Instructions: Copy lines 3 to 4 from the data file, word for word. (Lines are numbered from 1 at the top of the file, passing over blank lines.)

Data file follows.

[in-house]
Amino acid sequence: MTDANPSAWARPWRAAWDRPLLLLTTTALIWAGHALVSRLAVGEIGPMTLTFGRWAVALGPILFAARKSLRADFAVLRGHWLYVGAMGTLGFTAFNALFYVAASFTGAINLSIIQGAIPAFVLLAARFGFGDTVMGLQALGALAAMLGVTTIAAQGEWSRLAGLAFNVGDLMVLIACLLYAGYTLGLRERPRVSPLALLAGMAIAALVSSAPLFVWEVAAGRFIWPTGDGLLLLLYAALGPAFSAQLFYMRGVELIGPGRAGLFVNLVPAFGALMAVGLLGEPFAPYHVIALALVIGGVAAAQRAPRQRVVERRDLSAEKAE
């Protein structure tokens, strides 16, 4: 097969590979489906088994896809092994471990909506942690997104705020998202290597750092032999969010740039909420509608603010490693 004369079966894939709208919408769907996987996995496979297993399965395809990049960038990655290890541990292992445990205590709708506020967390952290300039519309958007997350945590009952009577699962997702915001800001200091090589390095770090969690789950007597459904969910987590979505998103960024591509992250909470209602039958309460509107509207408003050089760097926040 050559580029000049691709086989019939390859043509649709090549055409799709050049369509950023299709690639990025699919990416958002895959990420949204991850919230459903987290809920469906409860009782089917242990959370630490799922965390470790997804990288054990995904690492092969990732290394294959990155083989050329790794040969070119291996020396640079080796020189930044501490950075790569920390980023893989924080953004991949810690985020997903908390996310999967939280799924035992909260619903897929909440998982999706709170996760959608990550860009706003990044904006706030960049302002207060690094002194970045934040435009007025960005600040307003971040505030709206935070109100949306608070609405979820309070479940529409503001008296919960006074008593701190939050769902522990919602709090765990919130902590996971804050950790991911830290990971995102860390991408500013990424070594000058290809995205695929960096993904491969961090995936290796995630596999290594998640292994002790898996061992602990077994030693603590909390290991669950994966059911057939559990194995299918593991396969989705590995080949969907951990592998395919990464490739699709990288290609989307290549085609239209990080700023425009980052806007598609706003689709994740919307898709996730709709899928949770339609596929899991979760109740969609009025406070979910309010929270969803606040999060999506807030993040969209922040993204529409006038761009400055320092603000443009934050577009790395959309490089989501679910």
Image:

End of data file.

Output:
């Protein structure tokens, strides 16, 4: 097969590979489906088994896809092994471990909506942690997104705020998202290597750092032999969010740039909420509608603010490693 004369079966894939709208919408769907996987996995496979297993399965395809990049960038990655290890541990292992445990205590709708506020967390952290300039519309958007997350945590009952009577699962997702915001800001200091090589390095770090969690789950007597459904969910987590979505998103960024591509992250909470209602039958309460509107509207408003050089760097926040 050559580029000049691709086989019939390859043509649709090549055409799709050049369509950023299709690639990025699919990416958002895959990420949204991850919230459903987290809920469906409860009782089917242990959370630490799922965390470790997804990288054990995904690492092969990732290394294959990155083989050329790794040969070119291996020396640079080796020189930044501490950075790569920390980023893989924080953004991949810690985020997903908390996310999967939280799924035992909260619903897929909440998982999706709170996760959608990550860009706003990044904006706030960049302002207060690094002194970045934040435009007025960005600040307003971040505030709206935070109100949306608070609405979820309070479940529409503001008296919960006074008593701190939050769902522990919602709090765990919130902590996971804050950790991911830290990971995102860390991408500013990424070594000058290809995205695929960096993904491969961090995936290796995630596999290594998640292994002790898996061992602990077994030693603590909390290991669950994966059911057939559990194995299918593991396969989705590995080949969907951990592998395919990464490739699709990288290609989307290549085609239209990080700023425009980052806007598609706003689709994740919307898709996730709709899928949770339609596929899991979760109740969609009025406070979910309010929270969803606040999060999506807030993040969209922040993204529409006038761009400055320092603000443009934050577009790395959309490089989501679910």
Image: